Using a machine learning solution allows the ERP to imitate the manager’s decision criteria, and then allows the managers to focus on approving those decisions and managing the exceptions.


The Imitation Game was applied to computer science by Alan Turing and became known as the Turing Test. (If you are not familiar with Alan Turing, check out the book “Alan Turing: The Enigma” or the movie “The Imitation Game.”) The original objective of the game was for a machine to successfully imitate a human being under a written interrogation. This was not to prove that a machine could think, just that the machine could be taught to imitate human conversation. Of course, the machines took a huge step forward in understanding and imitating human language when IBM’s Watson defeated the best human experts in Jeopardy. But imagine the Imitation Game applied to ERP: could the ERP make business decisions that effectively imitate management decisions, leaving humans to approve the decisions and handle the exceptions? If the management decisions made by the ERP – how to allocate scarce inventory, how to schedule jobs in the plant, which orders should ship first – were indistinguishable from the decisions made by management, could we say that the ERP had successfully imitated management?

Sound farfetched? I’m not so sure. I’ve been bringing my analytical skills current with online classes from Coursera (if you’re a programming geek like me, check out this Machine Learning class), and can report that the combination of algorithm, data, and computing power available today has the potential to completely transform what we think of as ERP. The field of Machine Learning offers solutions that could learn from past management behavior and accurately predict future decisions. And many of these approaches will start appearing in ERP solutions in the near future.

For example, a manufacturer that cannot keep up with demand faces a problem of allocating scarce inventory among hundreds of product-hungry retailers. Every day, someone must decide who gets product and who doesn’t. Conventional solutions attempt to implement naïve rules that must be known in advance (e.g. all ‘high priority’ customers get inventory first), but inevitably managers spend hours first gaming the system (after all, which customers should be ‘high priority’?), then more hours each week manipulating the simplistic recommendations to try to achieve an appropriate balance. These decisions just aren’t as clear cut as we would like.

We face decisions that are not so clear cut in our everyday lives, like choosing what songs you want to play from your favorite music streaming service. Your service pays attention to your decisions about what to listen to, assembles a playlist of recommended songs, and allows you to select or ignore each one (using those decisions to refine the next playlist it will present). You don’t have to select anything in advance, the machine learning algorithms that assemble the playlist can work solely based on your past decisions. Any other information you can add (your age, gender, favorite band, etc.) only improves the results.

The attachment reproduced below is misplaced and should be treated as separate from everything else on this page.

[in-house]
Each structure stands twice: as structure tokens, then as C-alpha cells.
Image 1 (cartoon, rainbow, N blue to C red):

But back to our management dilemma: who gets the scarce inventory? A machine learning solution focuses on capturing the decisions made by management to predict future decisions – much the same way the music service focuses on capturing decisions about which songs you play in order to predict what you want to hear. Using a machine learning solution allows the ERP to imitate the manager’s decision criteria, and then allows the managers to focus on approving those decisions and managing the exceptions.

The Machine Learning field has developed technology that can leverage enormous quantities of data about decisions to truly imitate the decisions made by the experts – without the experts ever defining even the most basic decision tree (let alone one that would yield all of the same decisions). Machine Learning systems can be “trained” with historical decision data, develop decision models that accurately reflect the criteria used by the experts (even when they don’t know their own criteria), and accurately predict the decisions those experts will use next week when they allocate scarce inventory again. Some algorithms hold the promise of learning on-the-fly the changing preferences of the experts, allowing the allocation recommendations to change with the business climate.

If you’re still skeptical, remember that we use systems driven by machine learning all around us. From the traffic routing systems in your GPS to facial recognition systems, from Siri to the suggestions presented in the Google search box, every day you are interacting with systems leveraging machine learning. Expect your ERP to start leveraging Machine Learning techniques in the near future, and see if you can tell whether the decisions recorded in your ERP were made by management or the system.

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